The Kansas City Society for Contemporary Photography’s annual “Current Works” exhibition is now on view on the lower level of the Leedy-Voulkos Art Center. Featuring 37 photographs by 23 photographers,
“Dr. King’s policy was that nonviolence would achieve the gains for black people in the United States. His major assumption was that if you are nonviolent, if you suffer, your opponent will see your suffering and will be moved to change his heart. That’s very good. He only made one fallacious assumption: In order for […]
Ryan Wilks’s new exhibition, “Heaven,” at the Smalter Gallery, is awash in flesh. One part indictment of organized religion and another part an exploration of the mythology of the afterlife, “Heaven” is a brooding meditation on Christianity’s obsession with the human body and a lamentation of institutionalized religion’s frequent marginalization of the LGBTQ community, a […]
I’m not real, I’m just like you. You don’t exist in this society. If you did your people wouldn’t be seeking equal rights. You’re not real, if you were you’d have some status among the nations of the world. So we are both myths.” —Sun Ra While Sun-Ra claimed to be from Saturn and passed […]
When I hear the word crochet, I envision the vintage cloths known as antimacassars that used to reside on the backs of chairs to protect their fabric from being stained by men’s hair oil. Thankfully, Gerry Trilling has provided us all with a new visual repertoire to replace those outdated images in “Memory Ponds,” her […]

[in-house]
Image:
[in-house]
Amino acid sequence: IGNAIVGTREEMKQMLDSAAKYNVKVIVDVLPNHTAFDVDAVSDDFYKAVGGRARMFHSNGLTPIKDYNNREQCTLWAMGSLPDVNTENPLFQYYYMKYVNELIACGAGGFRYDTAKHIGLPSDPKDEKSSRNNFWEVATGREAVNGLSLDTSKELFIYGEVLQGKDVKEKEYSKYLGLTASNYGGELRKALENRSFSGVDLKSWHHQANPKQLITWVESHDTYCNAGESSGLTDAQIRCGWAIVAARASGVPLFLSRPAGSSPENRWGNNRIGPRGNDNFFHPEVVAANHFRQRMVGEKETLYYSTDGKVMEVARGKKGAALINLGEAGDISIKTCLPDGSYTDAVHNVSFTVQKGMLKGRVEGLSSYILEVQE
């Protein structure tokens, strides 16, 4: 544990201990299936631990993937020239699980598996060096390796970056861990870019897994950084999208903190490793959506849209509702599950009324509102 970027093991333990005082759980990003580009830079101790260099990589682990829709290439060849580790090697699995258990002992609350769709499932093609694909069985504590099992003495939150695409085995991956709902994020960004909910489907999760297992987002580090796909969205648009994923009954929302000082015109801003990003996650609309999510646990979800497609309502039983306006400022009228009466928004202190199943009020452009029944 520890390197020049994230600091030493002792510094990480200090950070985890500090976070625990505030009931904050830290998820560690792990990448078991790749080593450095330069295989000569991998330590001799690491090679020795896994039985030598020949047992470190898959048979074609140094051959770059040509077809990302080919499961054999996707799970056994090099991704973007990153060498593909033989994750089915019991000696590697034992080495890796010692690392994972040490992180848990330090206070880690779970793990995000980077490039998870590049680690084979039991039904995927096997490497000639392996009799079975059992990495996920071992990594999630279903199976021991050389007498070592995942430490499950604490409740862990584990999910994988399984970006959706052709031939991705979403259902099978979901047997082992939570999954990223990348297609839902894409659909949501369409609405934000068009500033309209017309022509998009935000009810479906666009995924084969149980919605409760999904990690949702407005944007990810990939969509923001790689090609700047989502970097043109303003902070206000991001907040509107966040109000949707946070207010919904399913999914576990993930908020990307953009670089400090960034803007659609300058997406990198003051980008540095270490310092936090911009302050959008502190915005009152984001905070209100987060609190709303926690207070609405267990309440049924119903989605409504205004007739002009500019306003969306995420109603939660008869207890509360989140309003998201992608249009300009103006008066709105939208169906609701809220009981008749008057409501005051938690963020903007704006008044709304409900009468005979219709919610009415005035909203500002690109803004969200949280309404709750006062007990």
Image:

According to the late Ruth Bader Ginsberg, “women belong in all places where decisions are being made. It shouldn’t be that women are the exception.” In a project of timely and provocative clarity, Danish artist Christine Buchholtz has created an alternate universe of global power that channels the Supreme Court Justice’s sentiment. Transforming the Todd […]
In the last few years in museums and galleries across the nation, figurative portraiture by Black American artists has been enjoying a renaissance and long overdue attention from curators, academicians, and collectors. Kansas City is not absent in this renaissance, and one of the artists we can thank for that is gifted painter Kwanza Humphrey.